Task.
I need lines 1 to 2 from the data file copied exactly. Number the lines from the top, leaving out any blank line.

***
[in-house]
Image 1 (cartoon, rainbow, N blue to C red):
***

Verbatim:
[in-house]
Image 1 (cartoon, rainbow, N blue to C red):